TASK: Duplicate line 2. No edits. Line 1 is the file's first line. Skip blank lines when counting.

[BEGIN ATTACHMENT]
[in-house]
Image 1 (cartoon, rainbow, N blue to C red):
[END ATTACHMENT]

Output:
Image 1 (cartoon, rainbow, N blue to C red):